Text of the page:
REGULATED PLEIOTROPHIN GENE THERAPY TO PROTECT AGAINST ONGOING NIGROSTRIATAL DEGENERATION IN TWO PARKINSONIAN RODENT MODELS Sara E. Gombash Neuroscience Seminar 2011
Parkinson’s Disease (PD)• Progressive neurological disease• Primarily affects motor function• Substantia nigra degeneration and relatively selective loss of striatal dopamine• Current therapies include pharmacotherapy (L-dopa) and Deep Brain Stimulation Dauer et al., 2003; Neuron Sep 11;39(6):889-909
Pleiotrophin (PTN)• Heparin Binding Growth Factor Family: Midkine, Pleiotrophin• PTN first purified in 1989, identified as neurite outgrowth promoting factor from neonatal rat brain (Rauvala, 1989)• PTN expressed in distinct temporal and cell specific patterns during development, peaking immediate postnatal period• Three identified PTN receptors: 1. receptor protein tyrosine phophatase beta/zeta (RPTP / ) 2. syndecan-3 3. anaplastic lymphoma kinase (ALK)
PTN in the Nigrostriatal System• PTN and it’s receptors are expressed in the nigrostriatal system during development• PTN receptors RPTP / and syndecan-3 are expressed by DA neurons of the SNpc• PTN expression in the striatum peaks during early postnatal periods and is downregulated in adulthood• PTN protein, mRNA and receptor expression in striatum are upregulated in response to dopaminergic denervation (Takeda et al., 1995, Yeh et al., 1998, Poulsen et al., 2000, Hida et al., 2003)• PTN is trophic for both cultured and grafted mesencephalic DA neurons• PTN protein is upregulated in nigral DA neurons of PD patients (Marchionini et al., 2007)
Neuroprotection by PTN gene transfer to 6-OHDA Lesioned rats AAV2/1 PTN/GFP rAAV-PTNTH AAV2/1 GFPTH Stereology: THir neuron count
Project ObjectiveOverall Objective: To determine whether PTN gene transfer can be used as a therapeutic strategy to treat PD after significant nigrostriatal damage. Can PTN gene therapy to protect the degeneratingnigrostriatal system and provide both morphological and functional restoration in 6-OHDA and - synuclein rat models of PD?
Parkinsonian Rodent Models6-Hydroxydopamine (6-OHDA) • Neurotoxin that selectively4kills SN DA neurons 6 weeks 2 weeks weeks • Mitochondrial dysfunction, free radical damage, oxidative stress • SN DA cell death and striatal DA loss • Motor impairment- forelimb akinesiaα-synuclein (α-syn) Overexpression• Mutation in the SNCA gene have been linked to familial form of PD• Aggregatesloss found in Lewy75% loss 50% are Bodies 80% loss• Mechanism under intense investigation, but proteosome inhibition, reduced protein clearnance, and oxidative stress though to be involved• Mimics PD with: • 50-60% reduction in THir SN neurons • Loss of striatal THir innervation • Dystrophic neurites • Intracellular α-syn positive aggregates• Viral vector mediated overexpression of human α-syn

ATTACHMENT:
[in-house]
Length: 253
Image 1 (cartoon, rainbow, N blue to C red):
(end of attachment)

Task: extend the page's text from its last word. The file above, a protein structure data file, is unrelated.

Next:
PTN Regulated Vector Modified from Manfredsson et al., 2009• Tetracycline (tet)-mediated transcriptional regulation system• Tet analog –Doxycycline- to regulate PTN expression through chow +DOX = PTN expression OFF -DOX = PTN expression ON• Clinical safety and expression level uncertainty
rAAV-regPTN after 6-OHDA Vector or Vehicle 6-OHDA 50% SN DA 80% SN DA Injection (SN+STR) Injection Neuron Loss Neuron Loss regPTN GFP Vehicle regPTN regPTN= PTN expression ON Day 0 Week 4 Week 6 Week 10= PTN expression OFF
rAAV-regPTN for Long Term Morphological and Functional Restoration after 6-OHDA Vector Injection 6-OHDA (SN+STR) Injection1 regPTN2 GFP3 regPTN4 regPTN5 PTN Day 0 Week 4 Week 6 Week 18 = PTN expression ON = PTN expression OFF = Behavior Analysis
Outcome Measures-Morphology1. PTN immunofluorescence for verification of protein presence and transduction area2. TH and NeuN IHC for SN stereology3. TH and DAT immunofluorescence for changes in striatal neurite density4. TH and PTN double label immunofluorescence for co-expression5. GFAP and OX42 immunofluorescence for inflammation and glial proliferation6. Behavioral measurements
Behavioral Analysis Movement InitiationCylinder TaskBracing Test Bilateral Tactile Stimulation or DOT Test Amphetamine induced Rotations
α-syn NeurodegenerationTimeline of nigrostriatal neurodegeneration following nigral rAAV-α-syn injection rAAV-α-syn Day 0 SN injection 8 weeks Striatal THir Intergrated Intensity measurements following rAAV-a-syn Injection 12 weeks 4.2% 16.2% 100 90 80 16 weeks % Control THir I.I. 70 60 50 40 20 weeks 30 Lesion Lesion 20 Intact Intact 10 - TH, α-syn, DAT, VMAT IHC 0 - Stereology 4 weeks 8 weeks Time Post-Vector Injection - Near-infrared signal detection
Acknowledgements Brian Terpstra, Ph.D.Anne Spieles-Engemann, Ph.D. Committee Members Katrina Paumier, Ph.D. Caryl E. Sortwell, Ph.D. (MSU) Deb Cummins Kim Seroogy, Ph.D. (UC) William Lampe Shelia Fleming, Ph.D. (UC) Susan Israel Tim Collier, Ph.D. (MSU) Chris Kemp JoEl Shultz, Ph.D. (UC) Susan Wohlgenant Fredric Manfredsson, Ph.D. (MSU) Kathy Steece-Collier, Ph.D. Ron Mandel, Ph.D. (UF) Alisha Bergmann Brian Daley Jack Lipton, Ph.D. Supported by NS058682 (CES) , the Nick Kanaan, Ph.D. Michael J. Fox Foundation, Morris K. Udall Allyson Cole-Strauss Center of Excellence for Parkinsons Kelly Sisson Disease Research at the University of Nate Levine Cincinnati NS058830 (TJC), and the University of Cincinnati Neuroscience Graduate Program.